Power Sources by Emily Short Search for other extensions by this author Approved for the Public Library

Versions

Download version 2/150410For Inform 7 6L38

Links

Description

Power Sources provides an implementation of plugs and batteries, and is designed to be used alongside Computers or as a base for other device implementations. It requires Plugs and Sockets by Sean Turner.

Tags world-model

Documentation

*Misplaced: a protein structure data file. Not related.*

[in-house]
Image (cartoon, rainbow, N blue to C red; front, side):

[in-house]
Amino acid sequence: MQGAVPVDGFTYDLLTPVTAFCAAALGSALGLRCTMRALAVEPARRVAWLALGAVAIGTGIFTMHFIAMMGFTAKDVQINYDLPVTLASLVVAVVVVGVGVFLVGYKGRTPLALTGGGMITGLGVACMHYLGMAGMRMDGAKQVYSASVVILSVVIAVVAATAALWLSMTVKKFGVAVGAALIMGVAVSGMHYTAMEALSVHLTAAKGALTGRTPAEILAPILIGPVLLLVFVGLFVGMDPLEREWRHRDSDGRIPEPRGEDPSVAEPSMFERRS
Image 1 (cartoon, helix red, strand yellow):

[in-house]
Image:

Power Sources provides an implementation of plugs and batteries, and is designed to be used alongside Computers or as a base for other device implementations. It requires Plugs and Sockets by Sean Turner. Chapter: Power Section: Power from the wall Power Sources creates a kind called wall socket, which is the source of home electricity. Beyond this, it largely depends on Plugs and Sockets by Sean Turner. To create a lamp that can be plugged in, we would write A lamp is a device in foo. The lamp incorporates a PS-plug. and to indicate that a given room is capable of offering it power: The Salon contains a wall socket. By default a wall socket has one PS-socket, which is to say that it can have one thing plugged into it. If we wish to extend that, we need only iterate the socket-assigning assertion until our sockets are as buff as we desire: Every wall socket incorporates a PS-socket. (These function cumulatively.) One inherited behavior from Plugs and Sockets is that by default it is not possible for the player to walk away from a socket while carrying a plugged-in object. I quote from the documentation there: "One final point: a value called PS-leaving can be either PS-denied or PS-allowed. It is PS-denied by default. When it is PS-denied and the player attempts to leave a location whilst carrying something attached to something not carried, a message will be displayed and the action prevented. If this variable is set to PS-allowed, the action will be okay but all the relevant connections for those things carried will be broken." Section: Power from batteries Power sources also defines kinds for batteries (and a subset, rechargeable batteries) and battery compartments. A battery compartment is part of the device it powers, and can contain only batteries. The default behavior is that a battery has a charge (or battery life) of 60. If we leave all settings at their default, this number represents 60 turns of play, or an hour at minute-to-minute equivalence. It is possible to change these effects. We can change the charge of a battery to a different number (and the maximum charge of a rechargeable battery, to make sure it can't be repowered for a longer time than we want). Furthermore, each device has numbers called battery drain (how many points of charge it takes to operate per minute) and battery recharge (how many points of charge it restores if it is being used to restore a drained rechargeable battery). By default, these numbers are 1 and 4, respectively, so a 60-charge battery takes 60 turns to drain and 15 to recharge. However, if we want different game devices to drain batteries at different speeds, we may alter these numbers. For instance, if we wanted to model a digital camera and a trusty little emergency flashlight, we might do something like this: The AA-cell is a battery. The charge of the AA-cell is 180. The battery drain of the digital camera is 18. The battery drain of the flashlight is still 1, so it depletes the charge of the AA-cell at 1 point per turn, lasting three hours, but the digital camera takes only 10 minutes to consume the same battery. This system does not account for having different battery types associated with different sorts of device. If we do want to implement this, the most expedient way is probably to create sub-kinds, as in A D-cell battery is a kind of battery. A laptop battery compartment is a kind of battery compartment. ...and add our own rules forbidding any kind of battery except the correct one from being put in a specific type of compartment. Finally, it's true that many common devices operate on pairs of batteries simultaneously, but modeling this in great detail, including the effect of running differently-charged batteries together, is probably not worth the effort. If this is found to be disappointingly unrealistic, we might try creating a single battery object that just pretends to be a pair of batteries, as in A pair of AA batteries is a battery. Section: Is this device powered? A device is considered to be powered if: 1) it incorporates neither a PS-plug nor a battery compartment. This is meant as a fail-safe: if the author includes this extension but has some devices defined that he doesn't designate as having either a battery compartment or a power plug, those devices will go on functioning the same way they did before the extension was included. 2) it incorporates a PS-plug that is plugged into a wall socket. 3) it incorporates a battery compartment that contains an undepleted battery. These criteria can be changed or augmented using the power-determination rulebook, of which the rules look like this, for instance: A power-determination rule (this is the no interference with completely powerless devices rule): if the test device does not incorporate a PS-plug and the test device does not incorporate a battery compartment: rule succeeds; Revising these rules might be appropriate if, for instance, we wanted to take advantage of more of the sophistication of the Plugs and Sockets extension, and model not just wall sockets but also extension cords and multiple power plug types. Chapter: Behavior of powered devices Section: Devices cannot be turned on when they have no power Thanks to the can't switch on powerless devices rule, we cannot switch on an unpowered device. Section: Battery-powered devices issue a warning when they are nearly out of power The warning about the failure activity currently handles this, and has a single rule: Rule for warning about the failure of a device (called the machine) (this is the default warn about extinguishing rule): let turns remaining be the charge of the power source divided by the battery drain of the machine; if the turns remaining is 1: if the charge of the power source is 2: say "[The machine] [is-are] obviously going to go out quite soon." If we want to issue other warnings, or warnings at other times, we can do so by adding other rules to the activity. We can also remove this one, as in *: The default warn about extinguishing rule is not listed in any rulebook. Section: Devices shut off when they have no power The putting out a device activity handles the case where a device loses power (either thanks to battery failure or through being unplugged). The For... rules of the activity actually turn the device off, while the After... rules provide a description of the shutdown. By default we start with the extremely bland after rule After putting out a visible device (called the machine) (this is the default describe putting out a device rule): say "[The machine] [is-are] now off.[line break]" It's possible to turn off a device by unplugging it even if the check rules would normally forbid this. That is because we might, for instance, encounter the evil master computer whose off-switch is cunning protected by laser turrets, but pulling out its power cord will still do the trick. If we don't want that to be the case, we will need to replace the "extinguishing cut-off machines rule" rule. Section: Device gives notice when its internal rechargeable battery reaches full power The notifying of full charge activity lets us give a message when something becomes fully charged, as in this default rule: Rule for notifying of full charge of a device (called the machine) (this is the default notify about recharging rule): if a random battery compartment which is part of the machine contains a fully charged rechargeable battery (called the power source): say "[The power source] in [the machine] [is-are of power source] now fully charged." The intent is that the player need not constantly recheck the battery during charging to determine whether it has finished yet. Example: * Lamplighter - A very simple scenario with a wall-plugged lamp that lights when turned on. *: "Lamplighter" Include Power Sources by Emily Short. Salon is a room. A lamp is a device in the Salon. "A lamp [if lit]shines brightly[otherwise]sits[end if] here." The lamp incorporates a PS-plug. The Salon contains a wall socket. When play begins: let spot be a random wall socket in the Salon; if spot is a wall socket: silently try plugging the lamp into spot. Carry out switching on the lamp: now the lamp is lit. Carry out switching off the lamp: now the lamp is unlit. Test me with "look / turn on lamp / look / unplug lamp / look / turn on lamp / plug in lamp / turn on lamp / unplug lamp / plug lamp into wall socket". Example: * Lamplighter Two - The same scenario, but with the addition of a portable flashlight and a battery-operated robot dog. *: "Lamplighter Two" Include Power Sources by Emily Short. An electric light is a kind of device. Carry out switching on an electric light: now the noun is lit. Carry out switching off an electric light: now the noun is unlit. Salon is a room. A lamp is a fixed in place electric light in the Salon. "A lamp [if lit]shines brightly[otherwise]sits[end if] here." The lamp incorporates a PS-plug. The flashlight is an electric light carried by the player. It incorporates a battery compartment. The Salon contains a wall socket. When play begins: let spot be a random wall socket in the Salon; if spot is a wall socket: silently try plugging the lamp into spot. The robot dog is a device in the Salon. The battery drain of the robot dog is 10. Every turn when the robot dog is switched on: say "The robot dog barks." The robot dog incorporates a battery compartment. The player carries one battery. Test me with "look / turn on lamp / look / unplug lamp / look / turn on lamp / plug in lamp / turn on lamp / unplug lamp / plug lamp into wall socket / turn on robot dog / open dog / put battery in dog / turn on dog / drop dog / i / z / open flashlight / put battery in flashlight / close battery compartment / turn on flashlight / i / z / z / z / z / z / z / z / z ". Example: * Lamplighter Three - The flashlight again, but this time with a rechargeable battery and a battery charger that can restore it to full strength. We also use the "warning about the failure" activity to add a more interesting description when the flashlight is about to go out. Our battery charger is going to be a simple device that includes both a plug and a battery compartment. *: "Lamplighter Three" Include Power Sources by Emily Short. A light source is a kind of device. Carry out switching on a light source: now the noun is lit. Carry out switching off a light source: now the noun is unlit. Salon is a room. A lamp is a fixed in place light source in the Salon. "A lamp [if lit]shines brightly[otherwise]sits[end if] here." The lamp incorporates a PS-plug. The flashlight is a light source carried by the player. It incorporates a battery compartment. The player carries a rechargeable battery. The battery drain of the flashlight is 6. The Salon contains a wall socket. When play begins: let spot be a random wall socket in the Salon; if spot is a wall socket: silently try plugging the lamp into spot. The player carries a charger. The charger is a device. The charger incorporates a battery compartment. The charger incorporates a PS-plug. Understand "battery charger" as the charger. Instead of examining the charger: let cell be a random battery which is in a battery compartment which is part of the charger; if cell is not a battery or charger is not wall-powered: say "The light on the battery charger is off." instead; otherwise if cell is not a rechargeable battery: say "The light on the battery charger flashes a warning red." instead; otherwise if the cell is fully charged: say "The light on the battery charger glows green to indicate a full charge." instead; otherwise: say "The light on the battery charger glows red to indicate charging." Carry out plugging the charger into a wall socket: now the charger is in the location. Carry out unplugging the charger: now the player carries the charger. Report inserting a battery into a battery compartment which is part of the charger: say "You put [the noun] into [the second noun]. [run paragraph on]"; try examining the charger instead. When play begins: let target be a random battery compartment that is part of the charger; now the target is open; now the target is not openable. Rule for warning about the failure of the flashlight: if a random battery compartment which is part of the flashlight contains a battery (called the power source): let turns remaining be the charge of the power source divided by the battery drain of the flashlight; if the turns remaining is 1: say "The flashlight is getting appreciably dimmer." Test me with "look / turn on lamp / look / unplug lamp / look / turn on lamp / plug in lamp / turn on lamp / unplug lamp / plug lamp into wall socket / i / open flashlight / put battery in flashlight / close battery compartment / turn on flashlight / i / z / z / z / z / z / z / z / z / open flashlight / get battery / put battery in charger / x charger / unplug lamp / plug in charger / x charger / z / z / z / z / z /z / z / x charger / z / z / z / z / z / x charger / put battery in flashlight / turn on flashlight".